tv CNN Newsroom CNN December 5, 2012 9:00am-11:00am PST
expenses that could really add up. these kinds of plans could save you in out-of-pocket medical costs. you'll be able to choose any doctor who accepts medicare patients. and you never need referrals. if you're thinking about your options, call today. when you call, request your free decision guide. and find the aarp medicare supplement plan that may be right for you. welcome to "newsroom international." i'm suzanne malveaux. here's what's employing on right now. a frantic search for survivorsunder yea in the southern philippines. a massive typhoon washed away houses, levelled buildings, triggering landslides as well. at least 274 people are now dead. that number could go even higher because hundreds of people who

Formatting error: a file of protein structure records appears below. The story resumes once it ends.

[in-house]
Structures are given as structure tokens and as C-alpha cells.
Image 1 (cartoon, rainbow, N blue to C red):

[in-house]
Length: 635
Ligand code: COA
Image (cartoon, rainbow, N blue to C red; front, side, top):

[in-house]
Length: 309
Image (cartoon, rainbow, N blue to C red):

are still missing. the misery not yet over. the storm is expected to continue to dump heavy rain in philippines until tomorrow. to iran where officials claim they have gotten some damning information from that u.s. drone they say they captured. the information that the iranians say now proves that the u.s. was spying on iran's military sites and its oil terminals. the u.s. has been trying to block iran's oil exports as part of an effort to get iran to give up it's nuke program, but as for the drone, a defense official says no u.s. navy drone is missing. we're about to take you live to cairo. that is where riot police are bracing now for another night of violent street fighting, tear gas all over the city today. this week crowds of egyptians have now stormed the presidential palace, breaking through fences, fighting with security forces, trying to keep them back. now, the protesters, they are furious about several things. first of all, all concerning president mohammed morsi and this growing perception that he